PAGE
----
Secretary of State Hillary Clinton went to New York Monday as the United States, Europe and Arab states sought to break a stalemate at the UN Security Council on Syria.
Clinton was due to meet separately with her Russian counterpart Sergei Lavrov on the sidelines of the UN Security Council discussion regarding the Arab spring. Russia, along with China, has so far blocked previous UN Security Council efforts to pass a resolution condemning the Bashar al-Assad regime for a year long crackdown that has killed over 7,500 people.
But there were few clear signs Monday that the major powers' geopolitical disagreements over Syria would be put aside to make way for the passage of a new UN Syria resolution on the crisis. And western diplomats were hesitant to act more aggressively to stem the violence without one.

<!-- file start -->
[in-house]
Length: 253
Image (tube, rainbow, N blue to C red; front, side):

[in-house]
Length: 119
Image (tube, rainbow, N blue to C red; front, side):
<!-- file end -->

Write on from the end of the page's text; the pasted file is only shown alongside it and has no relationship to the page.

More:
"I think that while we are all frustrated, that this is not Libya," British ambassador to the United States Peter Westmacott told journalists at a press briefing in Washington Monday. "Syria's military defenses are strong, its army is highly trained."
Libya-style military intervention in Syria "would be difficult," Westmacott said, adding, "I do not think it is an option as long as the Security Council does not ask them to act."
Speaking at the UN Monday, Clinton urged fellow nations to "say with one voice - without hesitation or caveat - that the killing of innocent Syrians must stop and a political transition must begin," the BBC reported.
Russian Foreign Minister Lavrov told the forum that the violence in Syria is a "grave concern," but that change in the Arab world "must not be achieved by misleading the international community or manipulating the Security Council,'" the BBC report said.
The high-level diplomatic discussions in New York come a day after the UN's recently appointed special envoy to Syria, former UN Secretary General Kofi Annan left Syria after two days of talks in which the Assad regime did not agree to halt its crackdown.
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